- In FY 2007, a typical NIH grant supported the salaries of about 7 primarily high-tech jobs in full or in part. The 351,000 jobs resulting from NIH awards paid an average annual wage of more than $52,000 per annum and account for more than $18 billion in wages for FY 2007.
- Long term, NIH funded R&D sparks U.S. economic innovation in the high-technology and high value-added pharmaceutical and biotechnology industries. For example, between 1982 and 2006, one-third of all drugs and nearly 60 percent of promising new molecular entities approved by the FDA cited either an NIH-funded publication or an NIH patent.
- One study estimated that taking into account the multiplier effect of jobs created in other sectors by NIH-supported research, biopharmaceuticals supported total employment of 3.2 million jobs in 2006, including 686,442 direct jobs and significant source of employment in the U.S. economy.
- NIH-funded research has contributed to overall gains in average U.S. life expectancy from 1970 to 2000 that were worth an estimated $95 trillion.
Imagine the Future
If our nation is bold enough to exploit today’s unprecedented opportunities in biomedical research, we will be amazed at what tomorrow brings.
In the world I envision just a few decades from now, the one-size-fits-all approach to medicine will be a thing of the past, and we will use genetic information and environmental exposure data to personalize health care strategies. Doctors will use a patient’s genetic profile – not just weight or age – to determine the best drug and the optimal dose. Even prevention strategies, such as exercise or diet, will be tailored to each person’s unique genetic makeup and environmental circumstances.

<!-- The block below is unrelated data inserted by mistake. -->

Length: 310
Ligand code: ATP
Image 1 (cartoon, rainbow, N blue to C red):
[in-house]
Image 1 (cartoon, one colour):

We will use stem cells to repair spinal cord injuries, bioengineered tissues to replace worn-out joints, genetic information to tailor therapies with individualized prescriptions, and nanotechnology to deliver these prescriptions with exquisite precision. We will be able to address in unprecedented ways maladies such as diabetes, cancer, and cardiovascular disease, which have affected friends or family of all of us in some way. Contemplate these possibilities:
- An artificial pancreas – perhaps an implantable device – will automatically sense a person’s blood sugar and adjust insulin dosage precisely, and stem cell research may lead to the ability to replace altogether failing insulin-producing cells.
- Oncologists will select cancer drugs based on the precise DNA changes in each person’s tumor, targeting cancer cells precisely, with limited toxicity to healthy cells.
- Personal gene chips will predict risk for high blood pressure and heart disease, and doctors will routinely use minimally invasive image-guided procedures to preempt heart disease.
I also dream of a day when, in ways yet to be discovered, we will be able to prevent Alzheimer’s, Parkinson’s, and other diseases that rob us much too soon of family and friends.
Just imagine what such a future would mean for our nation and all humankind. This is what keeps NIH in the research marathon, and why we ask you to go the distance with us.
Thank you Mr. Chairman. That concludes my formal remarks.
Last revised: April 19, 2011